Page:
Second, and more importantly, preventing Corporations from helping politicians is essentially impossible. The McCain-Feingold act has limits, and there would always be a way of getting around it.

As Elliot explains:

What distinguishes what Citizens United did and what Bill O'Reilly on Fox News—Rachel Maddow on MSNBC—does every day? Fox and MSNBC are corporations bombarding the airwaves with political rhetoric, from the right and left, that is as close to "electioneering communications" as anything I can imagine. [But Fox and MSNBC can do it because t]he McCain-Feingold statute excluded "media companies" from its limitations.

I disagree with Elliot about the distinction making no "logical sense". It is logical. It's just impossible to delimit.

Overall, I think there's an advantage to linking politicians with contributions. By breaking the connection between the Politician and the financier, the Politician can avoid taking responsibility - pretending to be all honorable and honest, while the swift boaters undertake his ugly offenses.

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Wednesday, July 01, 2009

An Ad Hominem attack on Ad Hominem attackers

this is simply too ironic. To call someone "stupid" is bad, but to say that someone uses "Ad Hominem" attacks is good? That's hillarious.

Tuesday, June 16, 2009

Is the Occupation Corrupting?

In a Blogpost about President Obama's Cairo Speech, Dr. Orit Kamir is arguing for the usual Left Wing solution to the Israeli Palestinian problem (dismantling settlements, evacuating the West Bank, creating an Independant Palestinian state, etc), but also to change the Israeli "occupation mentality" so to speak, to "cut down to size" and give up the dreams of an Empire.

The key reason for this, Kamir argues, is that the "occupation corrupts". It hurts not only those occupied, but also the occupiers. It has made Israel cruel not only "towards the Palestinians" but also in "other areas of life":

"We have learned to live with exploitation, with the suffering of others, with De-humanizing. "Foreign Workers", Women being marketed for prostitution, Poverty and huge gaps between Rich and Poor, Healthy and Sick, Fortunate and Misfortunate no longer agitate us. The occupation requires these huge walls of cement we hide behind, and we have learned to seal everything off with them".
(all translations are my own)

This is a very standard leftist line. The argument that the "Occupation is Corrupting" ("Ha Kibush Mashit") is a very old one in Israeli Political Discourse. See for example the argument that the violence of the occupation spills over to violence against women and children.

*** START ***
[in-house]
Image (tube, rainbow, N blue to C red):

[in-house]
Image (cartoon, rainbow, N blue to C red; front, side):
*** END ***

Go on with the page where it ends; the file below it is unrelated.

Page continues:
To be very clear: This is not the argument that the occupation is abusive. Not that it gets worst or that it perpetuates itself. This is the argument that the occupation is infective. That the evil ways it teached the Israeli society than effect Israeli society in other, unrelated areas.

I think this is highly unlikely.

To be sure, the occupation is corrupting in the sense that "power corrupts, and absolute power corrupts absolutely". The occupation has created interest groups committed to to maintaining it. Israel has lorded over the Palestinians and regularly abuses its power in making life difficult for them. Soldiers actions in check points are rarely models of courtesy, to say the least. IDF soldiers who kill palestinians are hardly punnished.

But has the occupation worsened Israeli society as a whole? This has often be asserted, but I've never seen it documented in any way. Many of the so-called brutalizations have been around long before the occupation (Operation Cast Lead, which Kamir criticizes, was no worse and probably better than many of the actions taken in the 1950s as retaliation against Palestinian violence). Other involve changes that took over Israeli society and usually aped American development. The spread of Capitalistic mentality and the wearing down of solidarity are also partially a natural response of the coming of age of the Israelis who were born after the birth of Israel, and who lacked the founding generations' ideological commitments.

In short, to the extent that the trends in Israeli society which Kamir laments emerged after the occupation, blaming them on the occupation is a case of the post hoc ergo propter hoc fallacy.

I find the argument that the "occupation corrupts" troubling for two reasons.

First, it argues for inaction. If the occupation corrupts, than ending the occupation would solve, or at least ameliorate, Israel's social problems. The expectation that solving the Israeli-Palestinian conflict would significently improve Israeli society is naive. It also implicitly calls for inaction against social justice in the Israeli society: If the source of the illness is with the occupation, treating the "manifestations" of the problem wouldn't do the trick.